When going through dense and leafy forests, most birds bend their wings at the ‘wrist’ or ‘elbow’ joint and barrel through. However, this isn’t an option for hummingbirds, who have to use different strategies to transit the gaps between leaves and branches. This remarkable solution hadn’t been effectively studied before as hummers move too fast for the human eye to see.
Now, researchers from the University of California, Berkeley, have finally found out how Anna’s hummingbirds (Calypte anna) slip through small openings despite being unable to fold their wings in. In their study, they found that the birds use two unique strategies that allow them to penetrate gaps that are barely half a wingspan wide.
In spaces with narrow gaps that cannot accommodate their wingspan, they maneuver sideways through the opening, continuously flapping their wings to maintain their altitude. For smaller openings, or when the birds are familiar with what lies beyond, they fold their wings and smoothly glide through, resuming flapping when it’s clear.
“For us, going into the experiments, the tuck and glide would have been the default. How else could they get through?” Robert Dudley, one of the study authors, said in a news release. “This concept of sideways motion with a total mix-up of the wing kinematics is quite amazing — it’s a novel and unexpected method of aperture transit.”
To discover how hummingbirds — in this case, four local Anna’s hummingbirds (Calypte anna) — slip through tiny openings, the researchers set up a two-sided flight arena, with a 16-square-centimeter gap in the partition separating the two sides. Hummingbirds have a wingspan of about 12 cm, so the experiment was a challenge for them.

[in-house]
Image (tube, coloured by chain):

The researchers then came up with another idea. They placed flower-shaped feeders containing a sip of sugar solution on both sides of the partition, only remotely refilling the feeders after the bird had visited the opposite feeder. This encouraged the birds to continually flit between the two feeders through the aperture, the team found.
They then altered the aperture’s shape, from oval to circular, with variations in height, width, and diameter ranging from 12 cm to 6 cm. They used high-speed cameras to record the birds’ movements. Marc Badger, study author, developed a computer program to monitor the position of each bird’s bill and wing tips as they navigated through the aperture.
As the birds neared the aperture, they frequently paused in mid-air to assess it. Subsequently, they maneuvered through sideways, extending one wing forward while sweeping the other backward. Fluttering their wings to provide lift, they passed through the aperture. Then, they rotated their wings forward to resume their journey.
Alternatively, the birds retracted their wings, securing them against their bodies, and swiftly passed through the aperture — headfirst, resembling a bullet. Following the passage, they extended their wings forward again and resumed flapping. They seem to use this method when they get more familiarized with the system, Dudley argued.
Only 8% of the bids clipped their wings as they passed through the partition, although one had a collision. Even then, the bird recovered quickly. “The ability to pick among several obstacle negotiation strategies can allow animals to reliably squeeze through tight gaps and recover from mistakes,” Badger said in a media release.
The study was published in the Journal of Experimental Biology.